If so they are not alone. According to the Office of National Statistics, during the pandemic, over 46% of people did some sort of work at home in April 2020. If your employees are working from home this is classed as a workplace. Employees working from home may be entitled to tax relief on their earnings to cover any cost of additional expenses.
Working from home
In HMRC’s eyes, for an employee to be classed as working from home, they should be carrying out their duties there for a set amount of time, weekly. It doesn’t matter if they change the exact days around, so long as they’re still working their agreed hours, from home each week.
Informal working that hasn’t been agreed on doesn’t count, for example, taking work home to do outside of your core hours. For this reason, it’s better that something is agreed formally between employer and employee. Ideally, it will be written down as well.
As an employer, you can pay a tax-free allowance of up to £6 per week (£26 per month) to employees who you have asked to work from home.
The pandemic led to a few amendments to the rules. Suddenly employees were working from home because their offices were closed or they needed to self-isolate or shield themselves. Due to this sudden increase in numbers, HMRC simplified the rules on who could claim and made it easier to do so.
It is worth noting here that HMRC has confirmed in the past that the £6 per week/£26 per month is available in full, even if an employee splits their time between home and the office. Or even, as we saw, if they returned to the office only for the situation to change and the UK to enter into another lockdown.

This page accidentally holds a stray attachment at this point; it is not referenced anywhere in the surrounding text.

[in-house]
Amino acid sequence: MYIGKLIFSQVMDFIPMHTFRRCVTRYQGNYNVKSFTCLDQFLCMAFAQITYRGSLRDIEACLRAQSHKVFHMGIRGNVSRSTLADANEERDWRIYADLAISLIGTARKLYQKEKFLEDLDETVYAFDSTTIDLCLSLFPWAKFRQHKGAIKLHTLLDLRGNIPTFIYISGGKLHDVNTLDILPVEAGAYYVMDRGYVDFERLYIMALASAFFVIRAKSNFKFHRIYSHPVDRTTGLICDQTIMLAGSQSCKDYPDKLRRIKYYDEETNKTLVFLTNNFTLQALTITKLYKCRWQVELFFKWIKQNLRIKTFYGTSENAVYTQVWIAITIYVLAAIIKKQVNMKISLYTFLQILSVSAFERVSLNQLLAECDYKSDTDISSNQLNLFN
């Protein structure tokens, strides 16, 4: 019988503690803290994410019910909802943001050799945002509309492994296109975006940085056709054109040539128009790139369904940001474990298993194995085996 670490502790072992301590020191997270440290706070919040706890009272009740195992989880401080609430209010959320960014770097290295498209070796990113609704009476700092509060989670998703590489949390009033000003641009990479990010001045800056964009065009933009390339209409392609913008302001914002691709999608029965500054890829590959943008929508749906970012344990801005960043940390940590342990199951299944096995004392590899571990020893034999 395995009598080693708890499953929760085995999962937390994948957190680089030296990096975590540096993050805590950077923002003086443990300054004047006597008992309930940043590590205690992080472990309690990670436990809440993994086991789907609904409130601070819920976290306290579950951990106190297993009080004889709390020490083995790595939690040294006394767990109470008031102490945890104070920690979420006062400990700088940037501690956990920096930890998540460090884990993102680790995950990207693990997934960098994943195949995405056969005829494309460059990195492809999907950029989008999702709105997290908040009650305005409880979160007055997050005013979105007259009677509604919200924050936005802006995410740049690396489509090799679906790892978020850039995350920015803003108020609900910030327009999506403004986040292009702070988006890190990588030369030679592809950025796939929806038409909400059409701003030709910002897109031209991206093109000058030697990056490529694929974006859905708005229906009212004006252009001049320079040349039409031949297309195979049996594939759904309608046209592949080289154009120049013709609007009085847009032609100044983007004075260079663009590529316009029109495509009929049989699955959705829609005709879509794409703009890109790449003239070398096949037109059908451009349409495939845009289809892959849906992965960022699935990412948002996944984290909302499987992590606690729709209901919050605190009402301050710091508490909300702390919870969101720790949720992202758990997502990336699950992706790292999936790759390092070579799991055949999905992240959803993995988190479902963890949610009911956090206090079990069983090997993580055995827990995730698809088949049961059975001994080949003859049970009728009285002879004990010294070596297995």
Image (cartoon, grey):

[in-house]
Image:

Employees that are having to work from home due to the pandemic can continue to claim tax relief on costs that are not reimbursed by their employer.
If you are currently paying your employee’s the tax-free allowance for working from home then you should keep in mind that a new claim has to be made for the 2021/22 tax year.
It is widely understood that the rules will again change when the pandemic eases. It is likely that they will revert back fully to the previous position. The criteria here was significantly tighter so it is probably a good idea to so, if you haven't already, we'd suggest familiarising yourself with it.
EDIT: HMRC is reported to have received 800,000 claims so far. They will be accepting backdated claims for up to four years.
As always, we are on hand to help support your business, please get in touch. We are based in West Bridgford, Nottingham and we work with clients throughout the UK.
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